Planning Too Far Ahead
The quote is from an interesting article on global warming and ways of dealing with it in the latest issue of Harvard Magazine. The context is a discussion of problems in storing nuclear waste as one limit to increases in the role of nuclear power.
To me, at least, the idea of worrying about effects more than ten thousand years out is so absurd as to be marginally sane. Nobody alive knows whether our species will still exist in ten thousand years, if it exists if most humans will still live on earth, or if we still live on earth what sort of society, economy and technology we will have. If things do continue more or less along current lines—not, in my view, very likely—ten thousand years of economic growth would give us a society for which a little radioactivity in Nevada groundwater would be a trivial problem. If we assume a 1% annual rate of growth in per capita real income, it takes only about 2300 years to bring the income of the average individual up to the current income of the world.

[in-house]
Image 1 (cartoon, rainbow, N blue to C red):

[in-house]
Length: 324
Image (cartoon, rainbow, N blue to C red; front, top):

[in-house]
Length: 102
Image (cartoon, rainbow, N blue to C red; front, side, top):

Worrying about problems ten thousand years out is particularly odd given that nuclear power is being discussed as a way of limiting global warming. Elsewhere in the article, in the context of a time horizon of 100 to 500 years, another source suggests the possibility of sea level rises of over 200 feet. I am reluctant to trust extrapolations that far out as well—but compared to 10,000 years, a hundred years is practically as close as next Thursday. And drowning areas containing a considerable fraction of the population of the globe would be a slightly more serious problem than contamination of the Nevada water table.